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story.lead_photo.caption In this Feb. 12, 2018, photo, Arkansas Supreme Court Justice Courtney Goodson sits inside the House chamber while waiting on Gov. Asa Hutchinson to deliver his State of the State address in Little Rock. Goodson is running for re-election and has been targeted in advertising by the Judicial Crisis Network. The same group targeted her during her unsuccessful 2016 bid to become Arkansas chief justice. (AP Photo/Kelly P. Kissel)

A Northwest Arkansas judge who ordered that attack ads critical of Supreme Court Justice Courtney Goodson be taken off the air this week reported receiving income, through his wife, from the law firm of Goodson's husband.

Washington County Circuit Judge Doug Martin issued a temporary restraining order Monday afternoon against several television stations in the area that had been airing ads that Goodson alleged to be "false, misleading, and defamatory."

Courtney Goodson is married to class-action attorney John Goodson, a partner at the Texarkana firm of Keil & Goodson.

In his 2017 statement of financial interest report, Martin reported that his wife, Amy, earned more than $12,500 for legal services performed at Keil & Goodson. Statements of financial interest don't give specific amounts of compensation but rather whether compensation is at least a specific amount.

Campaign finance records also show that Amy Martin contributed $50 to Justice Goodson's campaign for chief justice in 2015.

Judge Martin did not return messages left Tuesday evening at his judicial chambers or on a personal phone. A listed phone number for Amy Martin could not be found.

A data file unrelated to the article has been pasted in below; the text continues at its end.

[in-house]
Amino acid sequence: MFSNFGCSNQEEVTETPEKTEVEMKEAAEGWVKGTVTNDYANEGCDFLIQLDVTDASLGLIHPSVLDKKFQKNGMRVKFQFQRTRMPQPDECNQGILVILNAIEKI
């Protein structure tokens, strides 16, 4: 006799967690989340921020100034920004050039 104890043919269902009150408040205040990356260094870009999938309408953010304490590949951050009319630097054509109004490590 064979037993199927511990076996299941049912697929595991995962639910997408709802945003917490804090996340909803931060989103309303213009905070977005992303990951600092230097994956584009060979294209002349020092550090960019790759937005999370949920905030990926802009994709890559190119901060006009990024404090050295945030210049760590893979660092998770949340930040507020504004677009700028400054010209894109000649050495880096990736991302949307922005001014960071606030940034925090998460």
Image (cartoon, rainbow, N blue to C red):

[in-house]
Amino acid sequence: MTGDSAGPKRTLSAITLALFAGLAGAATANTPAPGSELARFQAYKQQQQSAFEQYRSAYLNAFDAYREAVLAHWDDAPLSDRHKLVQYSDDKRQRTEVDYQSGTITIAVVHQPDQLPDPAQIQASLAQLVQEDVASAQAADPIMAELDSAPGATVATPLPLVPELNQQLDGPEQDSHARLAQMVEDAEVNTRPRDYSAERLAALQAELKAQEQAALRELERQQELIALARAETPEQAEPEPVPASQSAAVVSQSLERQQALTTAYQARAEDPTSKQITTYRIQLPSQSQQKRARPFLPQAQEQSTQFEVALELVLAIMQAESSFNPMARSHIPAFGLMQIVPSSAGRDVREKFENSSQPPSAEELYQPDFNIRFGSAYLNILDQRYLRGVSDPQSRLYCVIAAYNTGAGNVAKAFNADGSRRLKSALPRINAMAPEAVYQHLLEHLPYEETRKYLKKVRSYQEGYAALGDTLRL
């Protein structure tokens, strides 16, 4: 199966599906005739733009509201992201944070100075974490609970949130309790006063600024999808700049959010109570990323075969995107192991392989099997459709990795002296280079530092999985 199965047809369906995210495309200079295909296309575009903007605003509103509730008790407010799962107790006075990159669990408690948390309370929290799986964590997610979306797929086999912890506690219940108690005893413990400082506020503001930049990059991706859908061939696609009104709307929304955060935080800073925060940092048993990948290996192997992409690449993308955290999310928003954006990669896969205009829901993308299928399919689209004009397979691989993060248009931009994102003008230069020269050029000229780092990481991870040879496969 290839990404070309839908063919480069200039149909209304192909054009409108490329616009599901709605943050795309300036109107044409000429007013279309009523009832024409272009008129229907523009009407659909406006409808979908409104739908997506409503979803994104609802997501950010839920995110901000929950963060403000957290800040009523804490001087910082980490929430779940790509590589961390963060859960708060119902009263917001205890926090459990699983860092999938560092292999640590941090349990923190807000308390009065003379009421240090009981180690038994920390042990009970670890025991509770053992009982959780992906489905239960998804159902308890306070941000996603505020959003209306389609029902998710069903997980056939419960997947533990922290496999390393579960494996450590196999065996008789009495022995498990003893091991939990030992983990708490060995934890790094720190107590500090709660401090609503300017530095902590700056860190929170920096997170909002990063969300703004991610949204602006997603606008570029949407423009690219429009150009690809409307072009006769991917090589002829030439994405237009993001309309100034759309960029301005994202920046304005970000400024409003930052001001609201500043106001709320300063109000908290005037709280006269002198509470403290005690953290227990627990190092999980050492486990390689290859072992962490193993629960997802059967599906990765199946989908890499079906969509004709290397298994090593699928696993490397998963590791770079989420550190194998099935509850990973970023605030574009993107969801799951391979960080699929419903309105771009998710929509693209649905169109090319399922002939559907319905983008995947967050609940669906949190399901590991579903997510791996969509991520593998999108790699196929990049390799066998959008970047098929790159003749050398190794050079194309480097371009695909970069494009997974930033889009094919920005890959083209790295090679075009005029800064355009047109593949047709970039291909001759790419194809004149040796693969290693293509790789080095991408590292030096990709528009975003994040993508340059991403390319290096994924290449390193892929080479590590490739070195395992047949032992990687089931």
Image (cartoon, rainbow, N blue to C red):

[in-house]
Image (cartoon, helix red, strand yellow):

Judge Martin's order came in the midst of Goodson's re-election campaign for a seat on the high court. In that race, both she and another opponent, Court of Appeals Judge Kenneth Hixson, have been the target of hundreds of thousands of dollars in negative TV ads paid for by out-of-state groups.

A third candidate in the race, Department of Human Services attorney David Sterling, has denied any affiliation with the ads.

On Monday, Goodson filed dual lawsuits in Washington and Pulaski counties seeking immediate injunctions to halt the airing of ads by the Judicial Crisis Network saying Goodson took expensive gifts from trial attorneys and sought a raise while on the court. Goodson filed a third lawsuit Tuesday to halt the ads in the Fort Smith area.

In court papers, Goodson's attorney argued that the ads mischaracterized the justice's record, noting that she had recused from cases involving donors and that the requested raise -- which was not approved -- was sought by the court as a whole.

In Pulaski County, Circuit Judge Chris Piazza scheduled a hearing on Goodson's request for Friday, but took no other immediate action. Piazza was assigned the case after another judge, Timothy Fox, recused.

In Washington County, Judge Martin granted the emergency request for a restraining order without response from the defendants -- several TV stations and cable service providers -- until a hearing that he scheduled for Thursday. Martin was also assigned the case after the recusal of another judge on the circuit, Beth Storey Bryan.

Asked if Martin's spousal connections to Keil & Goodson created a conflict, Courtney Goodson's attorney, Lauren Hoover, said that the decision to recuse is up to the judge himself.

"It's no secret we're excited about the [temporary restraining order]," Hoover said, adding that a recusal by Martin "will not end this litigation."

To succeed in defamation cases, public officials such as Goodson must meet a higher standard of harm known as "actual malice," the U.S. Supreme Court has said. By issuing a temporary restraining order, Martin found that Goodson had a "substantial likelihood" of success at proving her claims at a full hearing.

Asked if Martin's finances should have required him to recuse from the Goodson case, state Judicial Discipline & Disability Commission Director David Sachar declined to comment on the specific matter.

However, he pointed to the Arkansas Code of Judicial Conduct, Rule 2.11, which states "a judge shall disqualify himself or herself in any proceeding in which the judge's impartiality might reasonably be questioned."